The three phases of the largemouth bass spawn were pushed back by more than 60 hours of subfreezing temperatures in late February here at Toledo Bend.
The fishery’s timetable will be closer to normal on this great lake on the Texas-Louisiana border as the calendar turns to June.
Toledo Bend rose to nearly full pool in late April. I tell you what, this lake is beautiful when it’s up, when the water’s in the bushes, tullies and cypress trees. What’s more, it’s a shallow-water fisherman’s dream. June should offer even more shallow-water fishing, plus fair to good bassing in 12- to 20-foot depths as post-spawn fish move offshore to the ridges and other high areas.
By June, spring as we know it will be pretty much done. The February ice storm shoved our seasonal spring back, but more sunshine and warmer air temperatures should bring the average water temperatures well into the 70s, perhaps the upper 70s, but I believe it won’t touch the 80s until late June.
June’s shaping up to be the normal, transitional month it usually is. I think we’ll have a moderate to high water levels in June, which should mean continued success in shallower areas, because bedding bream will be there. There will be a tremendous amount of shallow-water action this month and, hopefully, the water level still will be up, around full pool of 172.0 feet.
What to use
June will be a prime time to work bladed jigs, like a bream-colored, Delta Lures Thunder Jig and, my favorites, plastic frogs, in the shallows, say 6 feet and less. Senkos and wacky style soft plastics also trigger bites in the shallows, as well as out deep.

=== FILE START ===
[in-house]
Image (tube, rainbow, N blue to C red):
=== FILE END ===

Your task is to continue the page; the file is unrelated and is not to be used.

I’m going to be venturing out to deeper water to target bass on drains and humps near drains, the highways bass use to go into the spawning areas and leave them after the spawn. Those post-spawn bass can be wishy washy, with more fish suspended than not.
My lures of choice will start with suspending jerkbaits, square-bill or deep-diving crankbaits, Carolina-rigged soft plastics and even walk-the-dog-type topwaters. I’ll cover some water, but when I find a brush pile, I’ll fish it with a ½-ounce jig.
Why offshore? I started testing the deeper waters, so to speak, on a Sunday in late April in Housen Bay. I wanted to put a suspending jerkbait to work, and it paid off with a 2½-pounder on my first cast. I had 10 bites, bass up to 4 pounds, on a post-cold front day. It wasn’t a very good day, weather-wise, but it was good enough to get bites. I didn’t put all of them in the boat but, man, the outing was a precursor for late May and June.
John Dean has been guiding on Toledo Bend most of his life. If you’d like to join him on a trip, call him at 936-404-2688.
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